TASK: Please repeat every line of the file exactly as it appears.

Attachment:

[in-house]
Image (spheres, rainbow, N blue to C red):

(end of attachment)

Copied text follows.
[in-house]
Image (spheres, rainbow, N blue to C red):